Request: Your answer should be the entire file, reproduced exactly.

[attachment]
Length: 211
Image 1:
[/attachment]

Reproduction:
Length: 211
Image 1: